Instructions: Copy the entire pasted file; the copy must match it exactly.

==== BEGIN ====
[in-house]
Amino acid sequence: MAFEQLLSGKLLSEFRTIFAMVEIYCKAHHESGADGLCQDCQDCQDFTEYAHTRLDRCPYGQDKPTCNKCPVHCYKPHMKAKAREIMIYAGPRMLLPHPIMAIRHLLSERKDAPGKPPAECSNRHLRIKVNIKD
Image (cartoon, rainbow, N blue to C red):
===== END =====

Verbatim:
[in-house]
Amino acid sequence: MAFEQLLSGKLLSEFRTIFAMVEIYCKAHHESGADGLCQDCQDCQDFTEYAHTRLDRCPYGQDKPTCNKCPVHCYKPHMKAKAREIMIYAGPRMLLPHPIMAIRHLLSERKDAPGKPPAECSNRHLRIKVNIKD
Image (cartoon, rainbow, N blue to C red):